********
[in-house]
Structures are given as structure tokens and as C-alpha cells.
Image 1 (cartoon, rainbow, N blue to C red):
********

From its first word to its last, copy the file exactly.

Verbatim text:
[in-house]
Structures are given as structure tokens and as C-alpha cells.
Image 1 (cartoon, rainbow, N blue to C red):